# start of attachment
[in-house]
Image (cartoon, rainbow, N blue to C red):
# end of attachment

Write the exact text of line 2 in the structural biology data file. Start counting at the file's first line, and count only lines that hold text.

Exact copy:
Image (cartoon, rainbow, N blue to C red):